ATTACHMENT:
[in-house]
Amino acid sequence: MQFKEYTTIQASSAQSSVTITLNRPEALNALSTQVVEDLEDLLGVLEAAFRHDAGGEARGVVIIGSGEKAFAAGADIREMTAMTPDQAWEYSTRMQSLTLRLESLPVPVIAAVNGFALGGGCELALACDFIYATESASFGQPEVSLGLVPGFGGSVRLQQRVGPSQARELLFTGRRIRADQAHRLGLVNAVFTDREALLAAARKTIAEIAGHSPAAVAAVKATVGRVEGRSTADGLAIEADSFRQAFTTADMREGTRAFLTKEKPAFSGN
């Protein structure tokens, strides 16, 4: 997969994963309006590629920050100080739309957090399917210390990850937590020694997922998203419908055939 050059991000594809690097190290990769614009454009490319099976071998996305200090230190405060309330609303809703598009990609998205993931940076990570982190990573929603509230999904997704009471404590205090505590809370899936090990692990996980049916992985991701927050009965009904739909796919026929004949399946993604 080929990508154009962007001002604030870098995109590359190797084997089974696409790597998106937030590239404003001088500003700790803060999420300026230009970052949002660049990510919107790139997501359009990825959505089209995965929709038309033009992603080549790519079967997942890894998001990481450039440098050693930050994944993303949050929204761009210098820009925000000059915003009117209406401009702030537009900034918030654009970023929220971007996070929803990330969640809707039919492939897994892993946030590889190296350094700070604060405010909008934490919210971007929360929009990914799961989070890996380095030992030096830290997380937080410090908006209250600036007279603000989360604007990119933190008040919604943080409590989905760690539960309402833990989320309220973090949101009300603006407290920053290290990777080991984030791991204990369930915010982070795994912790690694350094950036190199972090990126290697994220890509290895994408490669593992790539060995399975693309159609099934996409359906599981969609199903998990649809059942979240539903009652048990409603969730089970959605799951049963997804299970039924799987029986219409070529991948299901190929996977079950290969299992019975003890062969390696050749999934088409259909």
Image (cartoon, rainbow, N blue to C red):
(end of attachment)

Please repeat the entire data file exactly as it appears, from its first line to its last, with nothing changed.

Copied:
[in-house]
Amino acid sequence: MQFKEYTTIQASSAQSSVTITLNRPEALNALSTQVVEDLEDLLGVLEAAFRHDAGGEARGVVIIGSGEKAFAAGADIREMTAMTPDQAWEYSTRMQSLTLRLESLPVPVIAAVNGFALGGGCELALACDFIYATESASFGQPEVSLGLVPGFGGSVRLQQRVGPSQARELLFTGRRIRADQAHRLGLVNAVFTDREALLAAARKTIAEIAGHSPAAVAAVKATVGRVEGRSTADGLAIEADSFRQAFTTADMREGTRAFLTKEKPAFSGN
């Protein structure tokens, strides 16, 4: 997969994963309006590629920050100080739309957090399917210390990850937590020694997922998203419908055939 050059991000594809690097190290990769614009454009490319099976071998996305200090230190405060309330609303809703598009990609998205993931940076990570982190990573929603509230999904997704009471404590205090505590809370899936090990692990996980049916992985991701927050009965009904739909796919026929004949399946993604 080929990508154009962007001002604030870098995109590359190797084997089974696409790597998106937030590239404003001088500003700790803060999420300026230009970052949002660049990510919107790139997501359009990825959505089209995965929709038309033009992603080549790519079967997942890894998001990481450039440098050693930050994944993303949050929204761009210098820009925000000059915003009117209406401009702030537009900034918030654009970023929220971007996070929803990330969640809707039919492939897994892993946030590889190296350094700070604060405010909008934490919210971007929360929009990914799961989070890996380095030992030096830290997380937080410090908006209250600036007279603000989360604007990119933190008040919604943080409590989905760690539960309402833990989320309220973090949101009300603006407290920053290290990777080991984030791991204990369930915010982070795994912790690694350094950036190199972090990126290697994220890509290895994408490669593992790539060995399975693309159609099934996409359906599981969609199903998990649809059942979240539903009652048990409603969730089970959605799951049963997804299970039924799987029986219409070529991948299901190929996977079950290969299992019975003890062969390696050749999934088409259909």
Image (cartoon, rainbow, N blue to C red):